Frugality is a Mind Set

One of the common misconceptions we have about frugal innovation is that we believe it has everything to do about creating products and services that are cheaper. Certainly, affordability is one component of being frugal, but it is not the driver. I would even argue that the cost of what we develop is only a result of us having the correct attitude from the beginning.

To understand the concept of frugal innovation properly, we first need to understand the conditions requiring a frugal approach, and these circumstances are the driver of the path we choose.

Here, I argue that there are 2 main situations that trigger frugality.

Urgency is very often triggered through our conditions. Although it is difficult for many of us to empathise with people who lack running water, electricity or any communal infrastructure, the fact is that a number of people in various regions of the world, including the so-called developed countries are faced with situations that are unfathomable. The fact is that we don’t have look far to find such a state. Just say Flint, Michigan! We develop products and services that simply do not function in such environments, and we scratch our heads and ask out loud why we are not able to meet certain people’s needs.

Necessity is prompted very often through the ecosystems we have created that, through time, are no longer tenable. The near-universal awareness tied to global warming is only the most obvious example.  The product-in | trash-out model contains within it certain flaws that are no longer justifiable, and the excess of this construct are not sustainable moving forward.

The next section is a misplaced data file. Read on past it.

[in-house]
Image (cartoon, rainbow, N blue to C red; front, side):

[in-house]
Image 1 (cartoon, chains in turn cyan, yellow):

What do these two conditions have in common? They both require us as innovation enablers to first properly understand the predicament our customers find themselves. We need to develop a frugal innovation mind set in order to come up with solutions that address the issues at hand. Without having the right approach from the start, we run the danger of

  • Not understanding the problem that needs to be solved. Very often, we make the erroneous assumption that we understand the conditions only to find out later on that our proposed solution has little to no value for the recipient
  • Missing the opportunities that our offering could bring to the intended audience
  • Neglecting the possible negative impact our solution can bring about
  • Wasting our energies in developing products and services that nobody needs
  • Continuing on a path where our offering loses meaning.

Affordability is only one component of the frugal mind set and should be viewed as a subset to the overlying issues tied to scarcity.  Once we start to understand that the underlying causes invariably are tied to the elimination of waste and the dearth of our customer base, we are then able to provide options that generate real benefits.  This is what frugal is all about.